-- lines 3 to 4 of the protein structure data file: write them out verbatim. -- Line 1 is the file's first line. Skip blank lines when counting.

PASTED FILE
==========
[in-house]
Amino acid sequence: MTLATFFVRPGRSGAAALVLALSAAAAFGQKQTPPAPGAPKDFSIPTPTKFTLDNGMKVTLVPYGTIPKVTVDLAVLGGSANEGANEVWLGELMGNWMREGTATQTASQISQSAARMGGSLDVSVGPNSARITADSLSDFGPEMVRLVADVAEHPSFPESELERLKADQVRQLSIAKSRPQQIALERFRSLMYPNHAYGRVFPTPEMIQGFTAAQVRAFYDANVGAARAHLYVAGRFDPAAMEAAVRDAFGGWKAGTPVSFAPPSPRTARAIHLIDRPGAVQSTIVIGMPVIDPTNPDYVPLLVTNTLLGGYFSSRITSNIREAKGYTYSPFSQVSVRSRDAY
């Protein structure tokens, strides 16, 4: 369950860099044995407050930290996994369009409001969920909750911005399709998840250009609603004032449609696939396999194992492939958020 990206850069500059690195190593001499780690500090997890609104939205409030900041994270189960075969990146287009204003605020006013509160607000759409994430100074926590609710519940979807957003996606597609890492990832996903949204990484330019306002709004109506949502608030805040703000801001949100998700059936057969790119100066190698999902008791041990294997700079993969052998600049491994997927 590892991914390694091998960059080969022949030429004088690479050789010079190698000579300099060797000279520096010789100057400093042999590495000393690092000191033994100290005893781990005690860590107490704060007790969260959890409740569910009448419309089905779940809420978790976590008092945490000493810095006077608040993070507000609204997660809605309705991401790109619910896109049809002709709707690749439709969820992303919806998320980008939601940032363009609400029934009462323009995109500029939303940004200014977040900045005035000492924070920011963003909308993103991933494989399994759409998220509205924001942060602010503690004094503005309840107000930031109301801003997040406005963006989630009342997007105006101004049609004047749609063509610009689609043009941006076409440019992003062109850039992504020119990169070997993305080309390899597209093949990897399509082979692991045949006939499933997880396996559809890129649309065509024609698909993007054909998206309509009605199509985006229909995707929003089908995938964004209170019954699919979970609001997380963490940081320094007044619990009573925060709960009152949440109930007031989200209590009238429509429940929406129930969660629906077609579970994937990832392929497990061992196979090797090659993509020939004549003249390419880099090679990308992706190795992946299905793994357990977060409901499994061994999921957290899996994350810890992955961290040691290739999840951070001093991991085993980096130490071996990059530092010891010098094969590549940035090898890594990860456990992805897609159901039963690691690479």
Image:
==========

């Protein structure tokens, strides 16, 4: 369950860099044995407050930290996994369009409001969920909750911005399709998840250009609603004032449609696939396999194992492939958020 990206850069500059690195190593001499780690500090997890609104939205409030900041994270189960075969990146287009204003605020006013509160607000759409994430100074926590609710519940979807957003996606597609890492990832996903949204990484330019306002709004109506949502608030805040703000801001949100998700059936057969790119100066190698999902008791041990294997700079993969052998600049491994997927 590892991914390694091998960059080969022949030429004088690479050789010079190698000579300099060797000279520096010789100057400093042999590495000393690092000191033994100290005893781990005690860590107490704060007790969260959890409740569910009448419309089905779940809420978790976590008092945490000493810095006077608040993070507000609204997660809605309705991401790109619910896109049809002709709707690749439709969820992303919806998320980008939601940032363009609400029934009462323009995109500029939303940004200014977040900045005035000492924070920011963003909308993103991933494989399994759409998220509205924001942060602010503690004094503005309840107000930031109301801003997040406005963006989630009342997007105006101004049609004047749609063509610009689609043009941006076409440019992003062109850039992504020119990169070997993305080309390899597209093949990897399509082979692991045949006939499933997880396996559809890129649309065509024609698909993007054909998206309509009605199509985006229909995707929003089908995938964004209170019954699919979970609001997380963490940081320094007044619990009573925060709960009152949440109930007031989200209590009238429509429940929406129930969660629906077609579970994937990832392929497990061992196979090797090659993509020939004549003249390419880099090679990308992706190795992946299905793994357990977060409901499994061994999921957290899996994350810890992955961290040691290739999840951070001093991991085993980096130490071996990059530092010891010098094969590549940035090898890594990860456990992805897609159901039963690691690479």
Image: